Marvin Sussman, France, Europe discussed on Patti Vasquez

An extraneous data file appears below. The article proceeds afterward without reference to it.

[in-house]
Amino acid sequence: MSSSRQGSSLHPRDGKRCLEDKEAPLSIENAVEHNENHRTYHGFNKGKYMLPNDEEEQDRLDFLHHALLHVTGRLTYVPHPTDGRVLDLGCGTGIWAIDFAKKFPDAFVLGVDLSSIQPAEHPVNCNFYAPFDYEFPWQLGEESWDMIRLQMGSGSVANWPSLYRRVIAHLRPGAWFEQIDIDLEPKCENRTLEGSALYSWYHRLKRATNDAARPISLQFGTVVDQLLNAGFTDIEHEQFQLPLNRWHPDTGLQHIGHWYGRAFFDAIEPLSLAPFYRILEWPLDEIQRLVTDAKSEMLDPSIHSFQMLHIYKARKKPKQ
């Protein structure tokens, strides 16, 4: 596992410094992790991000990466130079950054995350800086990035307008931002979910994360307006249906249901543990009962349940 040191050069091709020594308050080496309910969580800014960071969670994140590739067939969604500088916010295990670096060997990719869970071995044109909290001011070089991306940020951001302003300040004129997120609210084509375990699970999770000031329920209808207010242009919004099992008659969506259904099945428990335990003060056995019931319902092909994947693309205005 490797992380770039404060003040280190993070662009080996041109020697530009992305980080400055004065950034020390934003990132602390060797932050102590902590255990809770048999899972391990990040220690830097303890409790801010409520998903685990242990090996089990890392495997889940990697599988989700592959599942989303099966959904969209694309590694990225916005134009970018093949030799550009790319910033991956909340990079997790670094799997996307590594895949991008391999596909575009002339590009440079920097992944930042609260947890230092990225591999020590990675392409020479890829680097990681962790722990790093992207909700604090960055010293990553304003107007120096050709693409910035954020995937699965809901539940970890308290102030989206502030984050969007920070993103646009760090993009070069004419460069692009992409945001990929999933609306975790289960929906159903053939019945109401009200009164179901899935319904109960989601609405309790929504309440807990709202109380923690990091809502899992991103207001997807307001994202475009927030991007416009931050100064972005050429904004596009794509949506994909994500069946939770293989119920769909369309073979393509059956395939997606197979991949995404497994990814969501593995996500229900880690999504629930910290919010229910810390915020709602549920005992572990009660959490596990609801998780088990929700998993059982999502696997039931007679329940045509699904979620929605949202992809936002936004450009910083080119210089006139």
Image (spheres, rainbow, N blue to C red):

Gun. We rode around in jeeps when when once we broke out of Normandy. The cavalry went out in front leading the way and open roads. And the the point chief the first Jeep going down an empty road. We well, it was generally would be to GPS in an armored car in his squad. And we had six we had three fifty caliber machine guns one on each vehicle three thirty caliber machine guns, each vehicle, the armored car to japes arm, retired armored car had thirty seven MO meter cannon that the white phosphorus. So we had we we could dispatch one hundred bullets in three seconds. If we all got at the same time. So we were on the better in the Germans were was there a point maybe early on and your tour in Europe where it was shoot or be shot where this was. Absolutely. But my point is was that. Must've been a new feeling right there, you were trained as an engineer going to be in Chicago some day. And now you're this kid thrown into France, you haven't shot or killed anybody. And now you're about to do it. I wonder what that moment is like for a young. It's it would be. Entirely new for me because of one hundred and forty men in the troop, I was probably maybe half a dozen of from the city had had never done hunting from age ten like the other guys and the idea of just shooting a rifle at something was new entirely new. So it was it was just unexpected. But. We were trained to do it to me. We had good training. I just finished the book, I told your son spearhead, which is about a World War Two US World War Two actually determines as well. But it was about what the the tank battles were like with the tanks. Tankers? They call them dementia tax with the with the life of those tankers was like, and you know, just how difficult for us to imagine that experience and afterwards when when they were in their seventies eighties. Some of those men were still dealing with the trauma of having to do that. And going back to the scene of the battles. Germany, and France was very therapeutic for them a long way asking the question was it difficult for you. When you came back stateside to get over. What all you went through and Europe. I probably retrospect. Yes. May be at the time. I was simply lost and didn't understand why. But it took me. Until nineteen forty nine that is of four years after I came home before I resolved to become an engineer and entered Illinois instamatic -nology, I was lost for four years. Of course, I had gone to Roosevelt university, and I had ate lunch with Harold Washington. Roosevelt college. Yeah. But I was lost. I was studying languages and rushing attacks. Okay. You are student till you going to school, but no no direction no direction. And maybe no even. To me that would be the least by concerns, I know kids going to school. Now, they don't know what the what from down is what they should be doing with their lives. But you seem to be now. And maybe then you were emotionally mentally pretty stable after all of that. I don't think so looking back. No, no. Because I if I had been rational would have done entirely different things were almost out of time. And I know you do videos you talk to organizations and schools, which just amazing any blast of survey. Ships are words you have for our listeners right now. I am. Very much concerned about the way the world is going. I think I think America should have kept a draft. That was the greatest thing because I could've never met two guys that I met without to draft. And it's a serious loss to to not have to drive me. Don't know we're separated, we're we're isolated will you? We don't know other Americans. We can't know them and the draft would've avoided that I'm very sorry about that. And somebody got to somebody to do something about that many year to isn't that much out of somebody's life is that it's not just that you'd meet other Americans, but it would be service to your controversial relearning. What you learn the army. Plus you can do. All kinds of learning and the arm. There's a lot to learn. So I wonder how your son feels about that for you in the military at any point. No, I wasn't. I grew up in the gap between the at Phnom and whatever came later. Yeah. See I I don't know if you and I probably older than you. But as a young boy Vietnam was being waged in there. I am eight nine ten eleven twelve years old, and I'm getting closer and closer to draftable age and terrified me. I mean as an adult today, I still think I knew kids whose brothers. We're going to get drafted or were in the army, and and I I just could not comprehend having to do with those men were doing what you did, sir. And if even that left in oppression on me all these years later, right? So so I think you know, what you did. And what you're asking people to consider today is is not only commendable, but is very challenging. That's not some. I expected you to say there's there's something wrong with this country. And that's why we've got the president. We've got. And we don't have to go there. That's another show. Back. You know what I will? We won't even talk about that. But Marvin congratulations. Thank you for your service. Good Lord, and congratulations on on living such a long healthy and evidently amiable life. I'm anxious for you to go back to France on the seventy fifth anniversary. We're looking forward to Marvin's. Thank you Sussman and Mark thank you both for coming in. We bring them back again sometime you call will come out of people watch his videos, by the way. Been searched Marvin Sussman. I love this guy. I got a ninety five year old telling me how to do YouTube. This is instructive fellas. Thanks for coming by your live.

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